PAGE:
The introduction of Tobacco in England is often given as 1586, when Sir Walter Raleigh returned with a consignment from Virginia in North America. However, it is likely that Spanish and Portuguese sailors introduced the habit to British sailors before this date.
Initially, tobacco was believed to have wonderous properties for one’s health, curing amongst other things sore teeth and bad breath! King James 1st (reigned 1603-1625) failed to agree, banning the use at court, preventing its growing in England and imposing import taxes. Even with the disapproval of the King, smoking increased in popularity, initially with the rich but soon by all in society.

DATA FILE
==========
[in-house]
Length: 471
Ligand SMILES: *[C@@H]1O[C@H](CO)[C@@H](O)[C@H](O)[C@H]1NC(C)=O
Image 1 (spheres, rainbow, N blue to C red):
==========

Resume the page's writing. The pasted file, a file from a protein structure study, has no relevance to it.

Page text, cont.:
A pipe was typically used to smoke the tobacco – usually made of clay, which would be delicate and easily broken. Once damaged, the pipe would be simply thrown away by the smoker. It would be 1881 before a cigarette making machine would be invented and the use of tobacco pipes started to decline.
In 1969, just prior to the 1970 merger between the National Provincial and Union Bank and the Westminster Bank, workmen were excavating behind 13 High Street, Chesham in preparation for laying a new car park. They uncovered the broken clay pipes displayed here. The pipe’s simple undecorated design and angled tobacco bowl rim suggests they were produced around 1640. The possible exception is the third pipe down with its longer bowl which may date to 1680.
When new, these pipes would have shafts up to 12 inches (30 cm) long to provide the user with a cool smoke. As tobacco became more available and its price reduced, the size of the pipe bowl would increase with pipes produced later in the 1600’s. Examples produced in the 1700’s started to be decorated with intricate patterns and designs.